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To the Lord General FAIRFAX.

Fairfax, whose name in arms through Europe rings,
Filling each mouth with envy or with praise,
And all her jealous monarchs with amaze
And rumors loud, that daunt remotest kings,
Thy firm unshaken virtue ever brings


Victory home, though new rebellions raise Their Hydra heads, and the false North displays Her broken league to imp their ferpent wings. O yet a nobler task awaits thy hand,


(For what can war, but endless war still breed?) Till truth and right from violence be freed, And public faith clear'd from the fhameful brand Of public fraud. In vain doth valor bleed, While avarice and rapin share the land.


To the Lord General CROMWELL. Cromwell, our chief of men, who through a cloud Not of war only, but detractions rude, Guided by faith and matchless fortitude, To peace and truth thy glorious way hast plough'd, And on the neck of crowned fortune proud


Haft rear'd God's trophies, and his work purfued, While Darwen ftream with blood of Scots imbrued, And Dunbar field refounds thy praises loud, And Worcester's laureat wreath. Yet much remains

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To conquer ftill; peace hath her victories


No lefs renown'd than war: new foes arise Threatning to bind our fouls with secular chains: Help us to fave free confcience from the paw Of hireling wolves, whofe gospel is their maw.


To Sir HENRY VANE the younger. Vane, young in years, but in fage counsel old, Than whom a better fenator ne'er held The helm of Rome, when gowns not arms repell'd The fierce Epirot and the African bold, Whether to fettle peace, or to unfold

The drift of hollow ftates hard to be spell'd, Than to advise how war may best upheld Move by her two main nerves, iron and gold, In all her equipage: befides to know



Both spiritual pow'r and civil, what each means, What fevers each, thou haft learn'd, which few have The bounds of either sword to thee we owe: (done: Therefore on thy firm hand religion leans


peace, and reckons thee her eldest fon.


On the late maffacre in PIEMONT.

Avenge, O Lord, thy flaughter'd faints, whofe bones Lie fcatter'd on the Alpine mountains cold; Ev'n them who kept thy truth so pure of old,


When all our fathers worshipt flocks and stones, Forget not: in thy book record their groans.


Who were thy sheep, and in their ancient fold Slain by the bloody Piemontese that roll'd Mother with infant down the rocks. Their moans The vales redoubled to the hills, and they

To Heav'n. Their martyr'd blood and ashes fow 10 O'er all th' Italian fields, where ftill doth sway The triple Tyrant; that from these may grow A hundred fold, who having learn'd thy way Early may fly the Babylonian woe.



When I confider how my light is spent


Ere half my days, in this dark world and wide, And that one talent which is death to hide, Lodg'd with me ufeless, though my foul more bent To serve therewith my Maker, and present My true account, left he returning chide; Doth God exact day-labor, light deny'd, I fondly ask: But patience to prevent That murmur, foon replies, God doth not need Either man's work or his own gifts; who best 10 Bear his mild yoke, they ferve him best: his state Is kingly; thousands at his bidding speed, And post o'er land and ocean without reft; They also serve who only ftand and wait.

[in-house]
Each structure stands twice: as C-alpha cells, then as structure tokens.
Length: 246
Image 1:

Lawrence, of virtuous father virtuous fon,


Now that the fields are dank, and ways are mire, Where shall we sometimes meet, and by the fire, Help waste a fullen day, what may be won From the hard season gaining? time will run On smoother, till Favonius re-inspire The frozen earth, and clothe in fresh attire The lilly' and rofe, that neither fow'd nor fpun. What neat repaft fhall feast us, light and choice, Of Attic taste, with wine, whence we may rife 10

To hear the lute well touch'd, or artful voice Warble immortal notes and Tuscan air?

He who of those delights can judge, and spare To interpofe them oft, is not unwife.



Cyriac, whose granfire on the royal bench

Of British Themis, with no mean applause Pronounc'd and in his volumes taught our laws, Which others at their bar fo often wrench; To day deep thoughts refolve with me to drench 5 In mirth, that after no repenting draws;

Let Euclid reft and Archimedes pause,

And what the Swede intends, and what the French. To measure life learn thou betimes, and know 9


Toward folid good what leads the nearest way; For other things mild Heav'n a time ordains, And disapproves that care, though wife in show, That with fuperfluous burden loads the day, And when God fends a chearful hour, refrains. XXII.

To the fame.

Cyriac, this three years day these eyes, though clear. To outward view, of blemish or of spot,

Bereft of light their feeing have forgot, Nor to their idle orbs doth fight appear Of fun, or moon, or ftar throughout the year, 5 Or man, or woman. Yet I argue not

Against Heav'n's hand or will, nor bate a jot Of heart or hope; but still bear up and steer Right onward. What supports me, dost thou ask? The confcience, Friend, to' have loft them overIn liberty's defence, my noble task, ply'd Of which all Europe talks from fide to fide. (mask This thought might lead me thro' the world's vain Content though blind, had I no better guide.


On his deceafed WIFE.

Methought I faw my late efpoused faint

Brought to me like Alceftis from the grave, Whom Jove's great son to her glad husband gave, Rescued from death by force, tho' pale and faint.


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